8 years, 1 month ago
In Enemy Operations in Baghdad and Fallujah, relying on Andrew Lubin’s reporting from Fallujah, we discussed Fallujah as being a hot spot of insurgent activity as the ‘security plan’ got underway, and how far ahead Ramadi was in terms of pacification than other some parts of the Anbar province.
This contrast is accentuated by recent reports, and from the perspective of combat operations, Fallujah still remains the most active city in the Anbar province. Omar Fadhil observes that after “Looking at the two main routes of al-Qaeda and how the main strongholds around Baghdad are aligned, they suggest that the Fallujah area and its immediate surroundings still remain the main hub for terrorists.” Fallujah is strategically located, being in the Anbar province but close enough to Baghdad (slightly more than half an hour drive away) to still be a significant base for the insurgency in Baghdad.
The Marines continue to set up checkpoints, conduct raids, and patrol through the streets and neighborhoods of Fallujah. The insurgency continues to terrorize the population. “In western Iraq on Thursday, a suicide bomber hit a police recruiting center in Fallujah, and there were conflicting reports about the death toll. Police said as many as 25 people were killed, but the U.S. military said just one policeman died.” Yesterday, the insurgents sent several mortar rounds into residential population centers in Fallujah, killing nine noncombatants.
One reason for the continued violence in Fallujah is the lethargy of involvement of the tribes in combating the insurgency contra the model displayed in Ramadi. Mohammed of Iraq the Model gives us an explantion of the state of the so-called Awakening Council in the greater Fallujah area.
A member of the Anbar Awakening Council said that forces loyal to the council are close to clear Ramadi from terrorists who destroyed the city with the sabotage acts against society and infrastructure, adding that these forces are almost done clearing Heet, Kubeisa, Rutba, Barwana and Baghdadi while progress toward Fallujah, Huseiba and Haditha remains slow because the formations of the Awakening are still humble (in those areas).
Michael Yon is sending positive reports back from Anbar, but he is in Hit (or Heet), not Fallujah. The reports we are receiving and reading are consistent with the observations of Omar and Mohammed. Anbar cannot be discussed in a single breath, for it is too diverse. Fallujah lags behind the balance of Anbar and remains an area affected by the insurgency.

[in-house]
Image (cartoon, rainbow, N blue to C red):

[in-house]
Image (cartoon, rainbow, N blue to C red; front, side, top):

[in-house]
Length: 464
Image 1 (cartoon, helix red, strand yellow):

One needn’t spend much time around Marines to learn what Fallujah means in the lore and history of the United States Marine Corps. The first and second battles for Fallujah made it hallowed ground for the Marines. The insurgency seems determined to incite violence and prevent pacification of the area. The Marines are just as determined not to see the desecration of hallowed ground. And so the battle continues.
**** UPDATE ****
U.S. and Iraqi forces killed seven members of al-Qaida in Iraq and destroyed a truck bomb factory Saturday in Fallujah, the military said.
A two-hour gunbattle began just after 7 a.m. when Fallujah police came under small-arms fire and spotted two men wearing suicide vests fleeing from the scene. Marines accompanying the police returned fire, killing both militants, according to a statement.
The Marines with the 2nd Battalion, 6th Marine Regiment then fired at five other suspects trying to escape, killing them and causing another suicide vest to explode, the military said.
The U.S.-led forces subsequently discovered a compound with two trucks rigged as suicide bombs and more bomb-making materials, which the military said were destroyed in a controlled detonation that did not damage nearby buildings.
Eight suspects were detained for questioning, the military said.
And from the Middle East Times:
BAGHDAD — UPDATED: Unidentified gunmen shot dead a local Al Qaeda leader in the western Iraqi city of Fallujah Saturday, police said, as fighting between rival Sunni factions undermined the insurgency.
The apparent assassination of the militant kingpin came as the US military announced that marines and Iraqi security forces had killed seven Al Qaeda fighters in a gunbattle during an assault which led to a truck bomb factory being destroyed.
Both incidents appeared to be linked to increased cooperation between Sunni factions, once sympathetic to the Iraqi resistance, and the US military, which is encouraging nationalist factions to fight Al Qaeda.
Colonel Tareq Al Dulaimi, a senior police intelligence officer with close ties to Anbar Province’s pro-US tribal coalition, confirmed reports that Muwaffaq Al Jugheifi had been killed but did not identify the attackers.
Dulaimi described the slain Al Qaeda leader as an Iraqi from Fallujah.
The process that Ramadi has been through … grips Fallujah at the moment.